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Differing prey associations and habitat use suggest niche partitioning by fin (Balaenoptera physalus) and humpback (Megaptera novaeangliae) whales off Kodiak Island

Abigail McCarthy*, Alex De Robertis, Stan Kotwicki, Kathy Hough, Paul Wade, Christopher Wilson

*Corresponding author:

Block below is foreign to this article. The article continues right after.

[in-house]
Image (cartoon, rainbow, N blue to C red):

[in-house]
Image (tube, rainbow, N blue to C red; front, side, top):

ABSTRACT: Fin and humpback whales share foraging areas and may compete for the same prey, but little is known about the extent to which they partition prey resources. Visual cetacean surveys and simultaneous acoustic-trawl surveys of prey were conducted around two submarine canyons off Kodiak Island, Alaska in 2004 and 2006. Statistical models were used to examine the associations between sightings of fin and humpback whales and measures of their potential prey and environment. Observations and models indicate that fin whales were disproportionately abundant in areas with the highest observed euphausiid concentrations, while humpback whales were abundant at lower euphausiid concentrations and in areas where juvenile walleye pollock were abundant. Fin whales were abundant in the areas where euphausiid biomass was deepest and in the deepest areas surveyed (>150 m depth). In contrast, humpback whales primarily occurred in shallower areas and near more shallowly distributed euphausiids. The different depth and prey affinities of fin and humpback whales suggest niche and habitat partitioning between these two co-occurring species. Abundance models built using acoustic estimates of prey density are a useful tool to further understanding of the abundance, distribution, and behavior of these animals.